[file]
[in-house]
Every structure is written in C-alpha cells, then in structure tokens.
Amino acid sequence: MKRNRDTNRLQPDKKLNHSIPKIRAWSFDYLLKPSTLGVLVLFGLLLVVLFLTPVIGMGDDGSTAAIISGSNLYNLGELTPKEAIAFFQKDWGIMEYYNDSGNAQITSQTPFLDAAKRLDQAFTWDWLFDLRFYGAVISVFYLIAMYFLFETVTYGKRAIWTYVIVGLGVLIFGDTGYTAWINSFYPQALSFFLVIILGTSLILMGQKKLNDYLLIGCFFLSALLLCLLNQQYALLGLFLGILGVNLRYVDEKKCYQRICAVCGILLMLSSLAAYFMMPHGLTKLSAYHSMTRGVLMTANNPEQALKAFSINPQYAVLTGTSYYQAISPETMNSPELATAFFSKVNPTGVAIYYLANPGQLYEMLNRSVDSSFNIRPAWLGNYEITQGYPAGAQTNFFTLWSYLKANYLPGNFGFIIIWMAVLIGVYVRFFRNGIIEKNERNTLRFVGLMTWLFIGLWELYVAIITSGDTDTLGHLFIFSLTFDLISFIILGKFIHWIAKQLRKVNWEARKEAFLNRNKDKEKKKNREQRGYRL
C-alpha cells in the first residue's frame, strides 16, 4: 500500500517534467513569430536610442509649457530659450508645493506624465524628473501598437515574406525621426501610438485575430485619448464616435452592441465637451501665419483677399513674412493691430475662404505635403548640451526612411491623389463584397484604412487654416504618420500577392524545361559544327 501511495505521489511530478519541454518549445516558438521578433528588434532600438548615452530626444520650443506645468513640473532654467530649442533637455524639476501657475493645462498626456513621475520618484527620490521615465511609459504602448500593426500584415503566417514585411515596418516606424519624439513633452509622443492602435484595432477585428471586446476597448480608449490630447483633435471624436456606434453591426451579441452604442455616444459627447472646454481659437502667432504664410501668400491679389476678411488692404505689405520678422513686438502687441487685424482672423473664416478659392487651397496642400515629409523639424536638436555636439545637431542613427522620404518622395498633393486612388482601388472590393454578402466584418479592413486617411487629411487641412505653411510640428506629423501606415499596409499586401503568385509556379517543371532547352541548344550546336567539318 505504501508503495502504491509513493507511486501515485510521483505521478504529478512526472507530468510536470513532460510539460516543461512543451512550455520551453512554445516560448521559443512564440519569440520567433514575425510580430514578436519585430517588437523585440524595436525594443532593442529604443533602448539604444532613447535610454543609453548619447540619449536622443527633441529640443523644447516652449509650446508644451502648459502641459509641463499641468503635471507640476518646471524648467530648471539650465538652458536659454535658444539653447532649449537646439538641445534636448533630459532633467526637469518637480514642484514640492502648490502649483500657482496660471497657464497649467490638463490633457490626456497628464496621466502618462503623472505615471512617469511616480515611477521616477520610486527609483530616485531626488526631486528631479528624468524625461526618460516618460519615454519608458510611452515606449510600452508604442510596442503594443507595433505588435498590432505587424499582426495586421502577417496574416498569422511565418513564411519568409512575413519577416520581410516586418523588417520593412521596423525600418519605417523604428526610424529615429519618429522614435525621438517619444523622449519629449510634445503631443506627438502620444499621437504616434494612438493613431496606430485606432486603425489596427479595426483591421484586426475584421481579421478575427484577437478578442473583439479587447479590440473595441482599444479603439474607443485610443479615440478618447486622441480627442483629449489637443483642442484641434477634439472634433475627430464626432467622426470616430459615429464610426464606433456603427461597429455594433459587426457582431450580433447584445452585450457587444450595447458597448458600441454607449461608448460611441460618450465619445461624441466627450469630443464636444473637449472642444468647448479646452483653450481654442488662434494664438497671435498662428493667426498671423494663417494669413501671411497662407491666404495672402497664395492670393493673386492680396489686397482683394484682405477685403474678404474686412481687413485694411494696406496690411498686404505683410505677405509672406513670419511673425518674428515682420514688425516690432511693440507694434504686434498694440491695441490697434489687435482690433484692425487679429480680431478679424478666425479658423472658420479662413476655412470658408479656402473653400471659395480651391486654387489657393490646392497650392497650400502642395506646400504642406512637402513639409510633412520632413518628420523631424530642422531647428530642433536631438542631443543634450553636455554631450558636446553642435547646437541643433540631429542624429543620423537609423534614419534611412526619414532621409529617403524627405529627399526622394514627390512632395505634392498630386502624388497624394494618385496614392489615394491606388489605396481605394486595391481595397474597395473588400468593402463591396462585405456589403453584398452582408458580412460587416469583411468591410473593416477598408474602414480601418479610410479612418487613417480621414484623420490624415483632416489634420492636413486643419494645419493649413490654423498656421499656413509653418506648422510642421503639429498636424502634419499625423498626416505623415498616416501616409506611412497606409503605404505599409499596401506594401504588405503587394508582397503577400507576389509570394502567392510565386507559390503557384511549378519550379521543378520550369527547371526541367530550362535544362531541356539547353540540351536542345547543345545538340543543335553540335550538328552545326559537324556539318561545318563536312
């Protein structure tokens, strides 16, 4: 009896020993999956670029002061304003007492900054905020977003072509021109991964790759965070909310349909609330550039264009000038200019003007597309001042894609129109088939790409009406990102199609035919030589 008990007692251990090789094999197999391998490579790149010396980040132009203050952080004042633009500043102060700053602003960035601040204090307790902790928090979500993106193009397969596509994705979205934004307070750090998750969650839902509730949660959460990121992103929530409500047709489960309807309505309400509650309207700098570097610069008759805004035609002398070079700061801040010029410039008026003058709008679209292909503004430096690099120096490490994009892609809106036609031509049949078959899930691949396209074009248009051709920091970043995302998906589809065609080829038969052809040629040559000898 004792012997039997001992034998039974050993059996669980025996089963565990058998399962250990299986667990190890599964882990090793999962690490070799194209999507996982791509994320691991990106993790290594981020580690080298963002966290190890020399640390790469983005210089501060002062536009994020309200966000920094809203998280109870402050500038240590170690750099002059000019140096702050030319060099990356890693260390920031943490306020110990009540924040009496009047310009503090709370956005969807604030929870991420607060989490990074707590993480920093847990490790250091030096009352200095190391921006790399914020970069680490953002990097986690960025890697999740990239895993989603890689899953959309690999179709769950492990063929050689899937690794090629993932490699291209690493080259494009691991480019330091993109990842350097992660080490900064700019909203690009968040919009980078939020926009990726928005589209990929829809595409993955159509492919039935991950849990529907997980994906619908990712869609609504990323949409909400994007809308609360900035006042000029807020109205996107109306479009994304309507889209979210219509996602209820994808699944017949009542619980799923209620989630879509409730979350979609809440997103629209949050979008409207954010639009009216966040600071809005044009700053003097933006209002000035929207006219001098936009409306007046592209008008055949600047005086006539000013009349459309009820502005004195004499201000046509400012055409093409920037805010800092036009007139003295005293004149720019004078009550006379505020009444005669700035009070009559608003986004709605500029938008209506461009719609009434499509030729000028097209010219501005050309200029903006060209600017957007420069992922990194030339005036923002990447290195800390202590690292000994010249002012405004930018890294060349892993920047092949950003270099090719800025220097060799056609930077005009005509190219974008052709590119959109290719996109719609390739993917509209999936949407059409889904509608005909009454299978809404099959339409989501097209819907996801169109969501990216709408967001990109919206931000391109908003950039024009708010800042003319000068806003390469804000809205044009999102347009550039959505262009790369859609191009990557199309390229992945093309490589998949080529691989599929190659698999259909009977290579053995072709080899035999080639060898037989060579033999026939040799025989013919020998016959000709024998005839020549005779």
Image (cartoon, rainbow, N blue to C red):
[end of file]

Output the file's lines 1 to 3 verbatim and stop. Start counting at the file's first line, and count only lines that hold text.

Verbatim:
[in-house]
Every structure is written in C-alpha cells, then in structure tokens.
Amino acid sequence: MKRNRDTNRLQPDKKLNHSIPKIRAWSFDYLLKPSTLGVLVLFGLLLVVLFLTPVIGMGDDGSTAAIISGSNLYNLGELTPKEAIAFFQKDWGIMEYYNDSGNAQITSQTPFLDAAKRLDQAFTWDWLFDLRFYGAVISVFYLIAMYFLFETVTYGKRAIWTYVIVGLGVLIFGDTGYTAWINSFYPQALSFFLVIILGTSLILMGQKKLNDYLLIGCFFLSALLLCLLNQQYALLGLFLGILGVNLRYVDEKKCYQRICAVCGILLMLSSLAAYFMMPHGLTKLSAYHSMTRGVLMTANNPEQALKAFSINPQYAVLTGTSYYQAISPETMNSPELATAFFSKVNPTGVAIYYLANPGQLYEMLNRSVDSSFNIRPAWLGNYEITQGYPAGAQTNFFTLWSYLKANYLPGNFGFIIIWMAVLIGVYVRFFRNGIIEKNERNTLRFVGLMTWLFIGLWELYVAIITSGDTDTLGHLFIFSLTFDLISFIILGKFIHWIAKQLRKVNWEARKEAFLNRNKDKEKKKNREQRGYRL